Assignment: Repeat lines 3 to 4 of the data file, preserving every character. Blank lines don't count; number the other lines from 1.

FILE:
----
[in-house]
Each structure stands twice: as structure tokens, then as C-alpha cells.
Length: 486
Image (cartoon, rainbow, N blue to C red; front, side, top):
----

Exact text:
Length: 486
Image (cartoon, rainbow, N blue to C red; front, side, top):